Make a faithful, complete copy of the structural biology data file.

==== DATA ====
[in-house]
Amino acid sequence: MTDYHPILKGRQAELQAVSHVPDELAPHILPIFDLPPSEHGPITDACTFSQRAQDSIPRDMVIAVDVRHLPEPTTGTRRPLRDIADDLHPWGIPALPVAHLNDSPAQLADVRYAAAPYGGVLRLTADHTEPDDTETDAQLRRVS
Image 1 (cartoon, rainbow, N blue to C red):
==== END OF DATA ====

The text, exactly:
[in-house]
Amino acid sequence: MTDYHPILKGRQAELQAVSHVPDELAPHILPIFDLPPSEHGPITDACTFSQRAQDSIPRDMVIAVDVRHLPEPTTGTRRPLRDIADDLHPWGIPALPVAHLNDSPAQLADVRYAAAPYGGVLRLTADHTEPDDTETDAQLRRVS
Image 1 (cartoon, rainbow, N blue to C red):